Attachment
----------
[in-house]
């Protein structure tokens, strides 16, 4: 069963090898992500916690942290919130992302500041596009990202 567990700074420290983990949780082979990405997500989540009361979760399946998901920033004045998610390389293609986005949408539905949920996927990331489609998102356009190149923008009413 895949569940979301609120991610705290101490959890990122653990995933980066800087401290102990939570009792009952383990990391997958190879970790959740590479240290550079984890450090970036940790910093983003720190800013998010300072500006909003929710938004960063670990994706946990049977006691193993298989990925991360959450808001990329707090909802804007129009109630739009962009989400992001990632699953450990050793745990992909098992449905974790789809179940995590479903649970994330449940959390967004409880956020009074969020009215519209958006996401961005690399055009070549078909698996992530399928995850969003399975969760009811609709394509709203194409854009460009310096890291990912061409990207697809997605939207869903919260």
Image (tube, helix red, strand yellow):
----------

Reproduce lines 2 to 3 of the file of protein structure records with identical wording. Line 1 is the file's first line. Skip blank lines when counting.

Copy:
């Protein structure tokens, strides 16, 4: 069963090898992500916690942290919130992302500041596009990202 567990700074420290983990949780082979990405997500989540009361979760399946998901920033004045998610390389293609986005949408539905949920996927990331489609998102356009190149923008009413 895949569940979301609120991610705290101490959890990122653990995933980066800087401290102990939570009792009952383990990391997958190879970790959740590479240290550079984890450090970036940790910093983003720190800013998010300072500006909003929710938004960063670990994706946990049977006691193993298989990925991360959450808001990329707090909802804007129009109630739009962009989400992001990632699953450990050793745990992909098992449905974790789809179940995590479903649970994330449940959390967004409880956020009074969020009215519209958006996401961005690399055009070549078909698996992530399928995850969003399975969760009811609709394509709203194409854009460009310096890291990912061409990207697809997605939207869903919260």
Image (tube, helix red, strand yellow):